Encourage your child to take an active role in his or her care, including making their own appointments and getting refills on their medications.
Many pediatric rheumatologists continue to follow young adults up to age 22 or through the college years.
Transition typically occurs when the disease is in remission. This ensures a smooth transfer to an adult provider. However, this practice varies by geographic location and availability of pediatric rheumatologists. (“Use the Find a Rheumatologist” tool from American College of Rheumatology)
Accommodations can also be helpful at the college level and are typically handled by the Office of Disabilities. Some examples of college accommodations include priority scheduling, housing options to minimize risk of infection, attendance flexibility for medical appointments, and allowing late arrival and extra travel time between classes on campus.
General Guidelines and Preventive Care:
Children and adolescents with localized scleroderma should receive routine pediatric care. Age-appropriate vaccines can be given (like injectable influenza, HPV, meningococcal vaccines), with the exception of live vaccines (MMR, varicella and intranasal influenza vaccine) which are not recommended to be given to those on immunosuppressive medications. The rheumatologist can provide a letter for exemption from live vaccines for school attendance.
Children and adolescents with localized scleroderma are normal children, so they should go to school and participate in play and physical activities regularly. A healthy lifestyle is important for helping to support normal growth and development, and will also help keep your immune system in a more normal state.
An ‘autoimmune’ or any other special diet is NOT recommended in children. Children are not adults and require all essential building blocks to develop and grow in a healthy manner, including carbohydrates, proteins, dairy, fruits and vegetables, in reasonable recommended AAP portions. As in any child, it is recommended to avoid processed foods and foods high in sugar and salt.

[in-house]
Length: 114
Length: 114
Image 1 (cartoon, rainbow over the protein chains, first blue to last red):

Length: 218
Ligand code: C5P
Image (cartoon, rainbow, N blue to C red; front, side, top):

Exercise is an important component of a healthy lifestyle. Exercise helps children develop strong muscles and bones, coordination, healthy hearts and manage their sleep. The American Academy of Pediatrics recommends that children 6 to 18 years old aim to have 60 minutes of moderate to vigorous activity per day, which can be spread out through the day. Children 3 to 5 years of age should average 15 minutes of physical activity per hour while they are awake. Refer to an American Academy of Pediatrics article, “New report guides physical activity counseling in pediatric clinical settings.”
Sleep is another key component of a healthy lifestyle. Good sleep improves your mood, energy, and mental function. Sleep is also important for ensuring good growth as your body makes growth hormone while you are sleeping. Your immune system also functions better when you have good sleep habits.
Reproductive health has recently become a topic of discussion in patients with localized scleroderma. Methotrexate and mycophenolate are teratogenic medications, which means that they can result in physical or functional defects in the developing fetus if the mother is on these medications during pregnancy. Hence two reliable forms of birth control are recommended for female patients of reproductive age who are sexually active, with a preference for long-acting contraceptives. It is important to note that these medications do not affect fertility and that pregnancy is safe after these medications have been weaned off for at least three months.
No two scleroderma journeys are the same, but there are common experiences along the way. No matter where you, your child, or a loved one are in your journey, or the type of scleroderma, the National Scleroderma Foundation can help you find your best path.